What Conditions Does Valium Treat?
Benzodiazepines are used to treat anxiety disorders and anxiety related to medical conditions, surgical procedures or mental disorders such as depression. It is a Schedule IV controlled substance that is available as an injectable, tablet or gel. Doses typically range from five to 40 milligrams per day.
Valium (diazepam) is prescribed for the treatment of:
- Anxiety disorders
- Acute alcohol withdrawal symptoms
- Chronic sleep disorders
- Muscle spasms
- Seizure disorders
- Anxiety before a medical procedure
Side Effects of Valium
Valium generally begins to take effect in about 30 minutes, and effects can last for 12 to 24 hours. The NIDA reported that low doses of Valium can produce short-term effects such as:
- Muscle spasms and weakness
- Vision problems (e.g., blurred vision)
- Decreased alertness
- Reduced blood pressure
- Poor concentration
- Coordination problems, such as loss of balance (ataxia)
- Problems with memory and movement
Paradoxical effects such as aggression or disinhibition can also occur with benzodiazepines, but these side effects are usually rare. Valium can be particularly dangerous when combined with other drugs such as alcohol and opioids, as this combination can dangerously slow heart rate and breathing, which can be fatal.
Benzodiazepines such as Valium also have a high potential for abuse, physical dependence and addiction. When taken for long periods of time or in larger doses than prescribed, the risk for negative side effects increases as does the risk of dependence and addiction.
Long-term Effects And Health Consequences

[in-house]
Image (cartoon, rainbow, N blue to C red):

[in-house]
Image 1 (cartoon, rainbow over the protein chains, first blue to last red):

Taking Valium longer than three months can cause cognitive problems and can lead to physical dependence and withdrawal; physical dependence can develop after a few days or weeks. Long-term Valium use can also slow breathing and heart rate, which can be dangerous, and increase the risk of infectious disease when the drug is injected due to sharing needles.
Dependence And Withdrawal
People who take diazepam for long time periods or who take the drug in higher doses or longer than prescribed may also experience withdrawal symptoms when they try to suddenly stop taking the medication. Some of the withdrawal symptoms of Valium may include:
- Abdominal and muscle cramps
People who wish to stop taking Valium after taking the medication for a long period of time may need to be tapered off the drug by their prescribing physician. The doctor will slowly reduce the patient’s dosage to minimize withdrawal effects of the drug.
Valium addiction can lead to compulsive drug use, drug cravings and continued use of the drug despite negative consequences that result from its use. Valium addiction is associated with withdrawal symptoms when a person tries to stop taking the drug. While Valium abuse rarely leads to death, it can still lead to physical and psychological dependence and withdrawal symptoms that can be life-threatening.